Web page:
Does a Noisy Fuel Pump Mean It's Bad?by John Cagney Nash
Fuel pumps make a quiet whirring noise in the course of their proper operation. This noise is commonly drowned out by the running engine, but can usually be heard very briefly when the key is first turned to the “IGN” position with the engine off; for that brief period, the pump is priming the downstream fuel delivery system. Any other noise from a fuel pump should be taken as advance warning that the component is wearing out. Fickle, inconsistent fuel flow is bad for the engine and a danger on the road, so replacement before total failure is strongly recommended.
Types of Fuel Pumps
Older engines were typically fitted with a mechanical fuel pump that was powered by an actuating arm driven from the engine. Newer engines have electric fuel pumps that are normally fitted close to, or inside, the fuel tank. Electric fuel pumps are a requirement for fuel injected engines; these require a higher fuel pressure than a mechanical pump can deliver. Mechanical fuel pumps were either in full working order or failed -- there was no middle ground -- and a failed pump meant the engine would not start or would grind to a halt; it ran out of gas even with a full tank. Electric fuel pumps, however, can begin to go bad without entirely failing. In this situation, aside from a decrease in engine performance, the problem is most often evidenced by noisy operation.
Electric Fuel Pump Operation
Electric fuel pumps share many aspects of their operation with electric drills, which may be a more familiar comparison. Electrically-energized windings spin an armature which rests in bearings, and the spinning armature rotates an impeller that moves the fuel from a resting state downstream to a pressurized state upstream.
If the impeller comes loose from the armature, a clattering noise will be heard. If the bearings fail, a knocking noise results. If contamination enters the pump from the tank, a grinding noise is common.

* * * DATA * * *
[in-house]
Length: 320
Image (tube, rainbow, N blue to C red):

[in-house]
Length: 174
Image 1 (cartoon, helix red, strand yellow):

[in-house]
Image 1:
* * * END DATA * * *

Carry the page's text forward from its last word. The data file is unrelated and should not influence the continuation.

Other Common Issues
Fuel pump noises can be intermittent. If the noise is noticeable when the tank is close to empty, but not when it is full, the chances are there is a “pre-pump” in-tank pump-filter assembly in the system that primes the main fuel pump. In-tank pumps rely on their submersion to remain cool, and are typically sited approximately a 1/4 of the way up from the tank floor. If the vehicle is habitually operated with low fuel levels, the in-tank pump is more likely to fail prematurely. The housing of in-tank pumps are prone to perforation because of the extremely adversarial nature of their environment, they being submersed in gasoline. The sock filter attached downstream of the in-tank pump is prone to becoming blocked, particularly in older vehicles. If an in-tank pump housing has a hole, it will not work to its optimum capacity when the level of the gasoline goes below its location. If a sock filter is blocked, this can reduce to almost nothing the amount of fuel the pump can move. These symptoms are called “starvation” in industry-speak. In either case, the reduced delivery often results in the main fuel pump making exaggerated whirring noises.
Electric fuel pumps are also prone to overheating. This issue presents as an intermittent failing, where the pump will work again if allowed to cool. Although no noises are typical of this issue, the pump should be replaced.
John Cagney Nash began composing press releases and event reviews for British nightclubs in 1982. His material was first published in the "Eastern Daily Press." Nash's work focuses on American life, travel and the music industry. In 1998 he earned an OxBridge doctorate in philosophy and immediately emigrated to America.